Over the Edge of the World Magellan's Terrifying Circumnavigation of the Globe Chapter One The Quest "He holds him with his skinny hand, "There was a ship, " quoth he. "Hold off !unhand me, grey-beard loon!" "Eftsoons his hand dropt he. On June 7, 1494, Pope Alexander VI divided the world in half, bestowing the western portion on Spain, and the eastern on Portugal. Matters might have turned out differently if the pontiff had not been a Spaniard -- Rodrigo de Borja, born near Valencia -- but he was. A lawyer by training, he assumed the Borgia name when his maternal uncle, Alfonso Borgia, began his brief reign as Pope Callistus III. As his lineage suggests, Alexander VI was a rather secular pope, among the wealthiest and most ambitious men in Europe, fond of his many mistresses and his illegitimate offspring, and endowed with sufficient energy and ability to indulge his worldly passions. He brought the full weight of his authority to bear on the appeals of King Ferdinand and Queen Isabella, the "Catholic Monarchs" of Spain who had instituted the Inquisition in 1492 to purge Spain of Jews and Moors. They exerted considerable influence over the papacy, and they had every reason to expect a sympathetic hearing in Rome. Ferdinand and Isabella wanted the pope's blessing to protect the recent discoveries made by Christopher Columbus, the Genoese navigator who claimed a new world for Spain. Portugal, Spain's chief rival for control of world trade, threatened to assert its own claim to the newly discovered lands, as did England and France. Ferdinand and Isabella implored Pope Alexander VI to support Spain's title to the New World. He responded by issuing papal bulls -- solemn edicts -- establishing a line of demarcation between Spanish and Portuguese territories around the globe. The line extended from the North Pole to the South Pole. It was located one hundred leagues (about four hundred miles) west of an obscure archipelago known as the Cape Verde Islands, located in the Atlantic Ocean off the coast of North Africa. Antonio and Bartolomeo da Noli, Genoese navigators sailing for Portugal, had discovered them in 1460, and ever since, the islands had served as an outpost in the Portuguese slave trade. The papal bulls granted Spain exclusive rights to those parts of the globe that lay to the west of the line; the Portuguese, naturally, were supposed to keep to the east. And if either kingdom happened to discover a land ruled by a Christian ruler, neither would be able to claim it. Rather than settling disputes between Portugal and Spain, this arrangement touched off a furious race between the nations to claim new lands and to control the world's trade routes even as they attempted to shift the line of demarcation to favor one side or the other. The bickering over the line's location continued as diplomats from both countries convened in the little town of Tordesillas, in northwestern Spain, to work out a compromise. In Tordesillas, the Spanish and Portuguese representatives agreed to abide by the idea of a papal division, which seemed to protect the interests of both parties. At the same time, the Portuguese prevailed on the Spanish representatives to move the line 270 leagues west; now it lay 370 leagues west of the Cape Verde Islands, at approxi-mately 46°30'W, according to modern calculations. This change placed the boundary in the middle of the Atlantic, roughly halfway between the Cape Verde Islands and the Caribbean island of Hispaniola. The new boundary gave the Portuguese ample access to the African continent by water and, even more important, allowed the Portuguese to claim the newly discovered land of Brazil. But the debate over the line -- and the claims for empire that depended on its placement -- dragged on for years. Pope Alexander VI died in 1503, and he was succeeded by Pope Julius II, who in 1506 agreed to the changes, and the Treaty of Tordesillas achieved its final form. The result of endless compromises, the treaty created more problems than it solved. It was impossible to fix the line's location because cosmologists did not yet know how to determine longitude -- nor would they for another two hundred years. To further complicate matters, the treaty failed to specify whether the line of demarcation extended all the way around the globe or bisected just the Western Hemisphere. Finally, not much was known about the location of oceans and continents. Even if the world was round, and men of science and learning agreed that it was, the maps of 1494 depicted a very different planet from the one we know today. They mixed geography with mythology, adding phantom continents while neglecting real ones, and the result was an image of a world that never was. Until Copernicus, it was generally assumed that the earth was at the absolute center of the universe, with the perfectly circular planets -- including the sun -- revolving around it in perfectly circular, fixed orbits; it is best to conceive of the earth as nested in the center of all these orbits. Even the most sophisticated maps revealed the limitations of the era's cosmology. In the Age of Discovery, cosmology was a specialized, academicfield that concerned itself with describing the image of the world, including the study of oceans and land, as well as the world's place in the cosmos. Cosmologists occupied prestigious chairs at universities, and were held in high regard by the thrones of Europe. Although many were skilled mathematicians, they often concerned themselves with astrology, believed to be a legitimate branch of astronomy, a practice that endeared them to insecure rulers in search of reassurance in an uncertain world. And it was changing faster than cosmologists realized. Throughout the sixteenth century, the calculations and theories of the ancient Greek and Egyptian mathematicians and astronomers served as the basis of cosmology, even as new discoveries undermined time-honored assumptions. Rather than acknowledge that a true scientific revolution was at hand ... Over the Edge of the World Magellan's Terrifying Circumnavigation of the Globe . Copyright © by Laurence Bergreen. Reprinted by permission of HarperCollins Publishers, Inc. All rights reserved. Available now wherever books are sold. Excerpted from Over the Edge of the World: Magellan's Terrifying Circumnavigation of the Globe by Laurence Bergreen All rights reserved by the original copyright owners. Excerpts are provided for display purposes only and may not be reproduced, reprinted or distributed without the written permission of the publisher.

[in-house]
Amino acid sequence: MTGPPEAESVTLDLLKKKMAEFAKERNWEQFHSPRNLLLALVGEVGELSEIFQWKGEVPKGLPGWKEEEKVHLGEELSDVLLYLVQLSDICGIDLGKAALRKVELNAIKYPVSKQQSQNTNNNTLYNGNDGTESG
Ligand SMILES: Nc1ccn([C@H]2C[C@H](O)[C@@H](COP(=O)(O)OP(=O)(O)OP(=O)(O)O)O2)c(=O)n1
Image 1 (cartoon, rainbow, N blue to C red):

Table of Contents

Principal Charactersp. xiii
A Note on Datesp. xv
Measurementsp. xvii
Prologue: A Ghostly Apparitionp. 1
Book 1 In Search of Empire
Chapter I The Questp. 7
Chapter II The Man Without a Countryp. 40
Chapter III Neverlandsp. 68
Chapter IV "The Church of the Lawless"p. 91
Book 2 The Edge of the World
Chapter V The Crucible of Leadershipp. 127
Chapter VI Castawaysp. 155
Chapter VII Dragon's Tailp. 172
Chapter VIII A Race Against Deathp. 204
Chapter IX A Vanished Empirep. 221
Chapter X The Final Battlep. 256
Book 3 Back from the Dead
Chapter XI Ship of Mutineersp. 291
Chapter XII Survivorsp. 313
Chapter XIII Et in Arcadia Egop. 341
Chapter XIV Ghost Shipp. 368
Chapter XV After Magellanp. 395
Notes on Sourcesp. 415
Bibliographyp. 431
Acknowledgmentsp. 441
Indexp. 445